The blog of Free Tour Rome!
Blog with handy tips about Rome and the Vatican
The Testaccio neighborhood, today full of life and things to see, hides a story the less interesting and worthy of being heard. It dates back to the time of the Roman Empire, when trade between the Italian provinces and the capital was developing. The location near the Tiber River turned this area into the favorite port for loading and unloading of merchandise and food products that came from the Mediterranean; olive oil, fresh fish, fruits, grains, among many other things that should be transported by ship; remember that neither plastic nor cardboard boxes existed at this time, therefore they used pitchers, ceramic containers used to trade with food. When emptying, the pitchers threw the empty ones on the river banks and their pieces were abandoned. Over the years, these fragments accumulated, tree roots began to intertwine, plants flourished thus forming the hill that we now contemplate. It is estimated that the amount of fragments needed for the formation of this hill, is around twenty-five billion ceramic containers, hand in hand with the Egyptian-style Pyramid and the Aurelian wall, impresses at first sight and turns the Testaccio into an unmissable destination for those curious looking for places with particular historical backgrounds.
This area becomes residential a few centuries later, for industrial workers on the Ostiense road. With its new inhabitants came also new traditions and a neighborhood culture. The current example of this is the famous Testaccio Market, simelar to the markets to be found in "La Via Pedonale del Pigneto" or "Campo di Fiori" in Trastevere you can find fresh fruit and crafts made by locals, as well as deepen in the customs of the Romans and know the daytime part of the streets of this city.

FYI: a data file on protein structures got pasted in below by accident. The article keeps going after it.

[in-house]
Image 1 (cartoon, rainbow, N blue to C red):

Rome is an open-air museum and its tracks are full of monuments and structures of exemplary architectural variety; (about we speak in the EUR article) The fascist architecture was one of the traces left by the Mussolini government and in Testaccio you can see a large part of it, you can also find an sense of what the city was at the time of Roman empire. To get to this area using public transport, you can take the metro, line B and get off at the Pyramid station, fourth station from Termini, direction Laurentina. If you prefer buses, they serve you the numbers 170, 280, 30, 3BUS and 83. Finally, if you are on the outskirts of the city and need to take a train to reach your destination, your options are FC2 and FL1. See our blog post Public transport Rome for more info and how to use the public transport in Rome.
Rome is known to be easy to walk around and easy to get lost into the many squares it has. We do recommend to use applications such as Moovit or Google Maps that will facilitate the journey. We also recommend you to book one or more of the free walking Tours we offer, to get you bearrings and of course the tour guide will be happy to tell you the history and curiosities behind the streets and their monuments.